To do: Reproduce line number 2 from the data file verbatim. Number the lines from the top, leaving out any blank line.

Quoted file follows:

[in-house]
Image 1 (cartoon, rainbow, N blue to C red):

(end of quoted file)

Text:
Image 1 (cartoon, rainbow, N blue to C red):